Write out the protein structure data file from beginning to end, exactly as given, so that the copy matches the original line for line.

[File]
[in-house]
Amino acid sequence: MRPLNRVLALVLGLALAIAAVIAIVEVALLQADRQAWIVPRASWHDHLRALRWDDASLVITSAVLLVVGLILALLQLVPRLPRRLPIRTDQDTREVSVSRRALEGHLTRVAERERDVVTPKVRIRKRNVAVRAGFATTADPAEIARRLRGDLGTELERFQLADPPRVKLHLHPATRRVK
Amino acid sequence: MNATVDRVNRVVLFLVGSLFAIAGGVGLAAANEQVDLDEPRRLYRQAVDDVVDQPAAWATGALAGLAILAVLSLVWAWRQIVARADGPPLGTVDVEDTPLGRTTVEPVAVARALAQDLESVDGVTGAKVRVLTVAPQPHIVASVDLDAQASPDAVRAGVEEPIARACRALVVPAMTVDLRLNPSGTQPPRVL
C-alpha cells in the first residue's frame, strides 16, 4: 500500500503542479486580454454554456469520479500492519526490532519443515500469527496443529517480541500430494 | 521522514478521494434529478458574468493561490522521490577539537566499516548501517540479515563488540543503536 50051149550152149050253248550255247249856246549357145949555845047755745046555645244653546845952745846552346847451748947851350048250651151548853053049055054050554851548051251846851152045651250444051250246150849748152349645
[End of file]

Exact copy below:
[in-house]
Amino acid sequence: MRPLNRVLALVLGLALAIAAVIAIVEVALLQADRQAWIVPRASWHDHLRALRWDDASLVITSAVLLVVGLILALLQLVPRLPRRLPIRTDQDTREVSVSRRALEGHLTRVAERERDVVTPKVRIRKRNVAVRAGFATTADPAEIARRLRGDLGTELERFQLADPPRVKLHLHPATRRVK
Amino acid sequence: MNATVDRVNRVVLFLVGSLFAIAGGVGLAAANEQVDLDEPRRLYRQAVDDVVDQPAAWATGALAGLAILAVLSLVWAWRQIVARADGPPLGTVDVEDTPLGRTTVEPVAVARALAQDLESVDGVTGAKVRVLTVAPQPHIVASVDLDAQASPDAVRAGVEEPIARACRALVVPAMTVDLRLNPSGTQPPRVL
C-alpha cells in the first residue's frame, strides 16, 4: 500500500503542479486580454454554456469520479500492519526490532519443515500469527496443529517480541500430494 | 521522514478521494434529478458574468493561490522521490577539537566499516548501517540479515563488540543503536 50051149550152149050253248550255247249856246549357145949555845047755745046555645244653546845952745846552346847451748947851350048250651151548853053049055054050554851548051251846851152045651250444051250246150849748152349645